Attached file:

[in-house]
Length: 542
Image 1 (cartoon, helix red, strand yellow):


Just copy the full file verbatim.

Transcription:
[in-house]
Length: 542
Image 1 (cartoon, helix red, strand yellow):